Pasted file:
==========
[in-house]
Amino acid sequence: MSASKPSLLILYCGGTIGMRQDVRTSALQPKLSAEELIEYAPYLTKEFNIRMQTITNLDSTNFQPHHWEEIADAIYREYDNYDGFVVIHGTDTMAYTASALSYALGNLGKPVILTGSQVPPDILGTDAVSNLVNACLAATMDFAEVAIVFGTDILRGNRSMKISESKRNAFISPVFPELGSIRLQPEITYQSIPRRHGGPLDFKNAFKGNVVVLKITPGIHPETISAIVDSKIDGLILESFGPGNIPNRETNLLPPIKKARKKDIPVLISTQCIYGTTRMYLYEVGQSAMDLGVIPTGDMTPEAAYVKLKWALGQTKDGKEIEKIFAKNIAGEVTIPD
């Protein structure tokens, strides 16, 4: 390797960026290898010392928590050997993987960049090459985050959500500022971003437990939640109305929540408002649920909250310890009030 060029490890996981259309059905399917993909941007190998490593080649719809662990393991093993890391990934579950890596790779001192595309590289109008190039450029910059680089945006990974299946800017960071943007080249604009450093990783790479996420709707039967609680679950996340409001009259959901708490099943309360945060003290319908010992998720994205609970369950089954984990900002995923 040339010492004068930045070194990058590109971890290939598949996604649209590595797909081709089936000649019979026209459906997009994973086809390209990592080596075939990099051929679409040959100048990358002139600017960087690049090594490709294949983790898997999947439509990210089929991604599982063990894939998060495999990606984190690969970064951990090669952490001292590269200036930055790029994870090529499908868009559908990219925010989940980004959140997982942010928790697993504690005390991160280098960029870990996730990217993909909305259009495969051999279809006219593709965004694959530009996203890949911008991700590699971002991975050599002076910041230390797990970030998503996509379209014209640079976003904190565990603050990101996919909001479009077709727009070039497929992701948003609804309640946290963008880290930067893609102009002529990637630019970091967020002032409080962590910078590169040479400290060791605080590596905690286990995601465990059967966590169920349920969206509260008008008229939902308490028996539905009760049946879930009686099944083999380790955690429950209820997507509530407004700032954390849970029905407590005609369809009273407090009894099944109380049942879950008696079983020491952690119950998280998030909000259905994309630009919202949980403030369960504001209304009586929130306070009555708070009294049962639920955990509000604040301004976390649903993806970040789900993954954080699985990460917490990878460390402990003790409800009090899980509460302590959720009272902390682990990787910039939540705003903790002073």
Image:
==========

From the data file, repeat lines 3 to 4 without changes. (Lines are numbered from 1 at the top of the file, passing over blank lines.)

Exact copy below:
């Protein structure tokens, strides 16, 4: 390797960026290898010392928590050997993987960049090459985050959500500022971003437990939640109305929540408002649920909250310890009030 060029490890996981259309059905399917993909941007190998490593080649719809662990393991093993890391990934579950890596790779001192595309590289109008190039450029910059680089945006990974299946800017960071943007080249604009450093990783790479996420709707039967609680679950996340409001009259959901708490099943309360945060003290319908010992998720994205609970369950089954984990900002995923 040339010492004068930045070194990058590109971890290939598949996604649209590595797909081709089936000649019979026209459906997009994973086809390209990592080596075939990099051929679409040959100048990358002139600017960087690049090594490709294949983790898997999947439509990210089929991604599982063990894939998060495999990606984190690969970064951990090669952490001292590269200036930055790029994870090529499908868009559908990219925010989940980004959140997982942010928790697993504690005390991160280098960029870990996730990217993909909305259009495969051999279809006219593709965004694959530009996203890949911008991700590699971002991975050599002076910041230390797990970030998503996509379209014209640079976003904190565990603050990101996919909001479009077709727009070039497929992701948003609804309640946290963008880290930067893609102009002529990637630019970091967020002032409080962590910078590169040479400290060791605080590596905690286990995601465990059967966590169920349920969206509260008008008229939902308490028996539905009760049946879930009686099944083999380790955690429950209820997507509530407004700032954390849970029905407590005609369809009273407090009894099944109380049942879950008696079983020491952690119950998280998030909000259905994309630009919202949980403030369960504001209304009586929130306070009555708070009294049962639920955990509000604040301004976390649903993806970040789900993954954080699985990460917490990878460390402990003790409800009090899980509460302590959720009272902390682990990787910039939540705003903790002073």
Image: